U.S. President Biden said yesterday his weekend statement that Vladimir Putin "cannot remain in power" did not reflect new U.S. policy, but rather an expression of his "personal feelings" and "moral outrage" about Russia's atrocities in Ukraine.

Western media reports say Biden's off-the-cuff remark during a major speech in Poland on March 26 triggered global headlines and sent White House officials scrambling to clarify that the U.S. was not pursuing regime change in Russia.

A Kremlin spokesperson called the remarks "alarming," and some commentators suggested it played into pro-Putin propaganda and paranoia about U.S.-backed coups in Russia's neighborhood.

According to AXIOS, French President Emmanuel Macron said the ad-lib was unhelpful to peace talks and urged his fellow world leaders not to "escalate" either through "words or actions."

Biden reportedly told reporters he was "not walking anything back," before clarifying: "I was expressing my outrage. He shouldn't remain in power, just like bad people shouldn't continue to do bad things.  But it doesn't mean we have a fundamental policy to do anything to take Putin down in any way."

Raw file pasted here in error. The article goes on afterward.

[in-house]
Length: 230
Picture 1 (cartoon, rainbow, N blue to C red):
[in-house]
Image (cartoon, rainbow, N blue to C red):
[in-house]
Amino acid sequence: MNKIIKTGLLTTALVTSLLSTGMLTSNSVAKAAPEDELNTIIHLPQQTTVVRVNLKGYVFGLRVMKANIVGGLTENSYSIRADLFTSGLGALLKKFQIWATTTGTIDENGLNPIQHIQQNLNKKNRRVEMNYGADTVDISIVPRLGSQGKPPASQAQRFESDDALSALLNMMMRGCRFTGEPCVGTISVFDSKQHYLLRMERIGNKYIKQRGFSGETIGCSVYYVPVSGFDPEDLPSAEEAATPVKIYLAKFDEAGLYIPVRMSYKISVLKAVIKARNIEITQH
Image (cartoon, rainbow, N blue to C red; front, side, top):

"The last thing I want to do is engage in a land war or nuclear war with Russia. ... I was expressing my outrage at the behavior of this man.  It's more an aspiration — he shouldn't be in power.  People like this shouldn't be ruling countries, but they do," he continued.

"Nobody believes I was talking about taking down Putin. Nobody believes that."

Biden went on to dismiss the notion that his rhetoric could cause Putin to escalate his aggression toward Ukraine or NATO, insisting that the Russian leader doesn't even listen to his own advisers.

U.S. News says Biden spent four days in Europe last week, strategizing with allies on how to address the Russian invasion of Ukraine, meeting with U.S. troops stationed in Poland as well as humanitarian group leaders and having an emotional, close-up visit with Ukrainian refugees. The visit was capped Saturday with a passionate and powerful address on the crisis, casting it as a historic battle between tyranny and democracy, praising Russian protesters and assuring Ukraine that "we stand with you.